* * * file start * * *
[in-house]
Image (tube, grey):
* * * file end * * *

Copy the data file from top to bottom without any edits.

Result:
[in-house]
Image (tube, grey):